If you’re looking for a great bird species guide, the free Birda app has a great feature for you. Sign up to Birda and head to the Discover page to unlock species. Find out more about Birda’s intergrated Species Guide here.
Experienced birders tend to be patient observers. Learning how to identify birds is to begin watching the birds in your yard and take note of their behaviors:
- Do they congregate in flocks, or do they come to feed alone?
- What is their flight style?
- Are they shy or confiding?
- Where and how do they feed? Certain species will feed on the ground, some will spend hours at the same perch on a feeder, while others will fly in to grab a seed or piece of suet before flying off to consume their snack while hidden in a tree or bush.
These behaviors and other attributes will help point to a bird’s identity.
Learning how to identify birds is not only about how the bird looks, it’s about where the bird is too. Creatures on wings are highly mobile and can wander outside their typical habitats, especially during migration. But most of the time, habitat is an excellent clue. You might see a Horned Lark on the ground in a plowed field and a Red-eyed Vireo in a forest treetop, but you’re very unlikely to see them trade places.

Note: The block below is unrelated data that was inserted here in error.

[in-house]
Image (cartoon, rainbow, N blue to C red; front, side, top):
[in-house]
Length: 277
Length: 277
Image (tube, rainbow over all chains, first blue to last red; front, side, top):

Due to specialization and preferred food sources, even migrating birds are hard-pressed to wander. A few years ago, this author found a migrating Yellow-throated Warbler in a Washington, D.C., park consisting almost entirely of deciduous trees. This conifer-loving species found the only pine tree in that section of the park.
Keep in mind that some birds are more adaptable than others. You will rarely find a Saltmarsh Sparrow outside its namesake habitat, but species like Mourning Doves are home in urban and rural areas.
If you’re looking for more places in the US for birding, National Parks are some of the best locations to visit. Take a look at the Best USA Birdwatching Parks.
Learning how to identify birds using season can be helpful to determine your bird. Birds are surprisingly predictable regarding timing, as it’s a matter of life and death. Migration is about resources, and the level of sunlight triggers the migration response of many species. This is why the first Veery of the spring – a species that winters in South America – always appears in Washington, D.C., in late April.
Local books or birding locations feature on Birda can tell you about the seasonal occurrence of species in your area. Species that winter in Central or South America tend to migrate north on very strict schedules. Staying with Thrushes, the first Wood Thrush of the year in D.C., always appears mid April. Other austral wintering species have similar patterns, like the Acadian Flycatcher (last week of April) or Blackpoll Warbler (the first few days of May). Swainson’s Thrushes are so predictable that their stopover locations on each migration day vary no more than a few hundred yards each year! Find out more about this incredible journey here.